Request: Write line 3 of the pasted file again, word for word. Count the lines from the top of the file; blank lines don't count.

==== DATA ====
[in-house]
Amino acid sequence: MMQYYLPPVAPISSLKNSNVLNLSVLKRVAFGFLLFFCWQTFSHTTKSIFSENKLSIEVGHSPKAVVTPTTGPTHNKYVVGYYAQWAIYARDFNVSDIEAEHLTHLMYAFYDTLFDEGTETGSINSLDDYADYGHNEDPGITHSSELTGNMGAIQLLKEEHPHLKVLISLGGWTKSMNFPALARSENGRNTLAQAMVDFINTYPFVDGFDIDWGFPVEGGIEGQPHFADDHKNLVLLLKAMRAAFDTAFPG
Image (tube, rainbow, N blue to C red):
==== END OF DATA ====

Image (tube, rainbow, N blue to C red):